Next, I mixed the sterling silver paint with black, to create a dark gray with a bit of shimmer. This color was applied in the grooves of the frame, to give it some contrast. I used a fairly small brush with looser bristles for this part, and very little paint. You don't want to make a perfect line in the crease, but just enough to make it look like tarnished silver.
Finally, I used the lighter Pearl White paint to create highlight areas, such as on the top of the ridges. This gives the appearance that these areas have been buffed over time from dusting and cleaning, resulting in a higher sheen than the rest of the frame.
I spent a lot of time going back and forth between the various paint colors, adding a bit more here and taking away a little bit there. The goal is to make it look random and natural, which is harder than it sounds! I'm not artistic by any stretch of the imagination, but I think I was able to achieve a pretty good aged silver look!
I love how the aged silver frame almost tries to make the poster seem more serious, like it's an old family portrait in silhouette. It's the perfect addition to our geeky media room, and brings the colors of the room together beautifully.
How to spray paint a picture frame
Spray paint is a quick and easy way to give old picture frames new life! You can find wood and metal picture frames at thrift stores for just a few bucks, and update them with spray paint so they match your existing decor.
Check out my guide to spray painting for lots of tips and tricks!
- Picture frame
- Spray paint
- Check the label to be sure the spray paint you're using will stick to the frame material!
- Cardboard or drop cloth to protect the surrounding area
- Spray paint handle (optional)
- 220 grit sanding sponge
- Thumbtacks to elevate the frame off the ground
- Painting respirator mask (if you're spraying indoors)
Prepare the frame for spray paint
The process for prepping the frame is the same as the steps above. You may want to lightly sand the surface first, and remove any dust with a tack cloth or a damp cloth.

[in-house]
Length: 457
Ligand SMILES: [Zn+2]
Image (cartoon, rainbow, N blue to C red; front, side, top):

Protect the surrounding area from overspray with a drop cloth, cardboard, or a spray shelter like this one. You don't want to paint your wall or floor too!
You can use a turntable inside the spray shelter to move the painted piece without touching it, or just shift the paper underneath to get a better angle. Thumbtacks stuck into the back of the frame keep it elevated so the paint can reach the edges and it won't get stuck to the surface.
Apply light coats
The trick to using spray paint successfully is to apply light coats. Keep the can at least 6-8 inches away from the frame, and use long, slow passes to get even coverage. It's ok if this first coat looks a little splotchy!
Allow the paint to dry completely before applying a second coat. I usually wait at least an hour, but read the back of the can to be sure. Continue applying light coats as needed to get full coverage. You may need more than you think if you're changing the color drastically.
Reassemble your frame and hang it on the wall
I prefer to let the paint dry overnight after the last coat, just to make sure it cured properly. Then pop the glass back in the front, add your artwork and the backing, then hang it on the wall!
Now that you know how to paint a picture frame, I know you'll be painting all.the.things! It's the perfect way to make a gallery wall feel more cohesive, or to transform those thrift store finds!